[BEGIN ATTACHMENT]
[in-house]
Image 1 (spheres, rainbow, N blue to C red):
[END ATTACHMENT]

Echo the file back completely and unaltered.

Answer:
[in-house]
Image 1 (spheres, rainbow, N blue to C red):